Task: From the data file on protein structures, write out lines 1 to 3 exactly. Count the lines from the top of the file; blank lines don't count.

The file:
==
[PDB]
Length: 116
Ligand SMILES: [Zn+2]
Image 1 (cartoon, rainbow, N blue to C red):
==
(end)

[PDB]
Length: 116
Ligand SMILES: [Zn+2]